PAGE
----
Another Senseless Slaughter: Raven Killing in Baker County

By Bob Sallinger, Conservation Director

The Oregon Department of Fish and Wildlife has applied for permits to kill up to 500 ravens a year in Baker County over a three-year period. ODFW is justifying this lethal control action on the belief that killing ravens will help declining local populations of Greater Sage-Grouse.

However, a closer look reveals something quite different: an unfortunate pattern of wildlife agencies scapegoating one wildlife species for the decline of another while failing to adequately address the primary causes of the decline.

Common Raven, by Audrey Addison

There is definitely reason to be concerned about sage-grouse populations in Baker County and across the western United States. Sage-grouse populations have declined significantly in recent decades due to degradation of the sagebrush habitat on which these ground-nesting birds depend by grazing, development, invasive plant species, changing fire regimes and other factors.

In 2015, the Department of the Interior narrowly avoided listing the Greater Sage-Grouse under the Endangered Species Act by adopting plans to manage and protect them across 11 western states. Portland Audubon has been actively engaged since 2010 in the Oregon SageCon Partnership, which developed the Oregon portion of this plan.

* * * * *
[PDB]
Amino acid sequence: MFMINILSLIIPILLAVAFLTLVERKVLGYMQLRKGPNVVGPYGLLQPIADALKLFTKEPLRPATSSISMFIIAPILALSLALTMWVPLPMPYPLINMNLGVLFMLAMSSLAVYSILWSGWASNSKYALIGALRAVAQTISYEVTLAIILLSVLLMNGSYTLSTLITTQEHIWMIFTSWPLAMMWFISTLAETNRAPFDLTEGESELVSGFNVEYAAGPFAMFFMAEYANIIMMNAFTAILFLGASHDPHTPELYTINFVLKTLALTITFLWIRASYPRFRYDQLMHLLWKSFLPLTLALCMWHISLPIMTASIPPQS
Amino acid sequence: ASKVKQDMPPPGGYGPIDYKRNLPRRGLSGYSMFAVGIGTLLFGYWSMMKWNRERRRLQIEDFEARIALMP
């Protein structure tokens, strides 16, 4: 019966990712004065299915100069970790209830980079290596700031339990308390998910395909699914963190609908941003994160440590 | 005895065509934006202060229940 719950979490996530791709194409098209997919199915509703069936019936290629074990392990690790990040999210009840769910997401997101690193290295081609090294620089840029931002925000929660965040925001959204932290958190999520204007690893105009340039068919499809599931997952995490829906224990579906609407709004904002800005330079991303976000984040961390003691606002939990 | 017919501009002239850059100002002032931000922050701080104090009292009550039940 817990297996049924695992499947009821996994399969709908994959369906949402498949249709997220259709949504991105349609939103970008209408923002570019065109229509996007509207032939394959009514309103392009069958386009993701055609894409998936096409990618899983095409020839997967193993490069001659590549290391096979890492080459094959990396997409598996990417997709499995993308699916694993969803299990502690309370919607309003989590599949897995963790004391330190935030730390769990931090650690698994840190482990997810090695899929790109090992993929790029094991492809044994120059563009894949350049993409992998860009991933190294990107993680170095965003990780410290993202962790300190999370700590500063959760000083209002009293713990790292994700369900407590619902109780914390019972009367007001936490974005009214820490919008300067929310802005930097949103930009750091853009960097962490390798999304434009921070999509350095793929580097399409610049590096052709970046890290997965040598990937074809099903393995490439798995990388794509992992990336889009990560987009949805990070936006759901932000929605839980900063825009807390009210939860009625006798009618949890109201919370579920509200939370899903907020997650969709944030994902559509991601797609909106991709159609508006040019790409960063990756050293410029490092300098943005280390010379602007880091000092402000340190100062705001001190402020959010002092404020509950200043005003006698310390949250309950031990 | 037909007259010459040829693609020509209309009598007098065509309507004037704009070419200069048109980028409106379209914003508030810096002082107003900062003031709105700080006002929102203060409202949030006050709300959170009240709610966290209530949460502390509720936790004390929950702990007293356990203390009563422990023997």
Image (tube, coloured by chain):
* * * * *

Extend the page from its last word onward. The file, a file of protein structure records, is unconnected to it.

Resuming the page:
The 336,000-acre Baker County sage-grouse “priority area for conservation” (PAC) is of particular concern. This population of sage-grouse is at the edge of the species’ range and is geographically isolated from other populations. The population in the Baker PAC has declined 75% since 2005 and now stands at fewer than 250 individuals. Aggressive action needs to be taken, but the agencies have not made the case that killing ravens should be part of that strategy. The strategy is not scientifically supported.

ODFW has not produced adequate science to support killing ravens. In fact, it has not documented a single case of ravens predating sage-grouse nests in Baker County. Instead ODFW relies on a handful of studies conducted in other states that show that reducing densities of ravens in some cases can be correlated with increased sage-grouse nest success. However, these studies also point out the importance of documenting the actual impacts of raven predation, surveying for other predatory species that may also be predating sage-grouse nests, and the importance of instituting non-lethal strategies such as reducing human food sources and manmade perches such as poles and fence lines, which can subsidize raven populations. ODFW is proposing to kill 1,500 ravens based entirely on speculation that they may be having an impact. The strategy is inhumane and will lead to significant mortality of non-target species.

ODFW proposes to kill adult ravens during nesting season using chicken eggs laced with the poison DRC1339. The poison is slow acting, and the birds typically die from renal failure a few days after ingestion. Because ravens often cache their food, ODFW admits that it expects only one out of every four poisoned eggs taken by ravens to actually be consumed by a raven. This means that to reach their target of 500 dead ravens per season, ODFW will need to observe ravens taking at least 2,000 poisoned eggs from bait stations. Of these, they predict 1,500 will be left scattered across the landscape for non-target wildlife to consume.